Eshoo on immigration: "Cruelty and Incompetence"

Disturbed by stories of migrant mistreatment at the border, seven Bend the Arc members met Aug. 27 with Rep. Anna Eshoo (D-Palo Alto) to press for limits on federal funding for immigrant detention.

The goal is to use budget restraints – either a funding cut or a blockage of any increase - to prevent federal Immigration and Customs Enforcement (ICE) from detaining large numbers of immigrants in inhumane conditions and to stop the separation of children from parents.

Eshoo needed little convincing, however, as a July trip to the country’s largest federal detention facility in McAllen,Texas left her with images that haunt her to this day, she said.

“There are two words that stand out for me: cruelty and incompetence,” Eshoo told the group.

Eshoo was part of a Democratic Congressional delegation that visited two detention sites in Texas in early July. In McAllen, she saw 42 young men crammed into a circular room designed for 10 people. The men were forced to stand for lack of space, were unable to shower and had only limited access to toilet facilities. The lights remained on 24 hours a day.

“That is a form of torture,” Eshoo said. “Even through the glass, we could smell the stench in the room.”

The guards had removed youngsters from their parents and held them in a separate room, where toddlers reached out to the Congressional visitors through the window, Eshoo said.

“One of the guards said, ‘The good thing is they can see each other (parents and children) through the glass,’” she recalled. It was hardly any comfort as the family members couldn’t touch or have any direct contact with their loved ones. One guard remarked that he hadn’t been trained to change diapers, Eshoo said.

She said officials with the U.S. Department of Homeland Security aren’t even schooled on the laws they are supposed to enforce. For instance, she noted that asylum is legal - something officials often don’t recognize.

“These are not people who are jumping over walls. They are presenting themselves as asylum seekers,” Eshoo said.

The Bend the Arc team gave Eshoo a report on a University of Syracuse study which showed that 99 percent of asylum seekers show up for their court dates. So detaining these individuals is unnecessary and a waste of taxpayer funds. Eshoo also said that her hotel in Texas cost less than the government is billing taxpayers to house migrants in detention with no beds, little food and other essentials.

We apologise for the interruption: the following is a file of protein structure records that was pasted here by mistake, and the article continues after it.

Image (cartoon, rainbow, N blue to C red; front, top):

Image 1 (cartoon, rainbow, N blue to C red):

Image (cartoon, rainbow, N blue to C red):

Eshoo defended her June vote in favor of an emergency funding bill that allocated $4.6 billion for ICE, designed to provide humanitarian aid for the migrants.


The House version had included provisions for medical care, nutrition and hygiene and for greater Congressional oversight, among other things, but many of these restrictions were diluted in the Senate version. Eshoo said she voted for the legislation nonetheless because without it, “The funding for children was going down to zero. I couldn’t go to sleep with that.”


Eshoo praised Bend the Arc members for their “extraordinary advocacy” and for standing up for their values in “one of the darker chapters in American history.”


She encouraged us to continue to collaborate with other partners, saying there is strength in numbers. She also said the involvement of spiritual leaders, particularly in multi-faith settings, helps strengthen our message. And she encouraged us to keep our concerns in the news as much as possible.


Bend the Arc will continue to lobby against any increases in ICE funding, once formal legislation is introduced in the fall. We will also oppose the diversion of funds from the Federal Emergency Management Agency or other accounts, as has been done in the past, to support ICE’s activities. We  will also insist on measures to hold ICE and U.S. Customs and Border Protection accountable on any funding bill.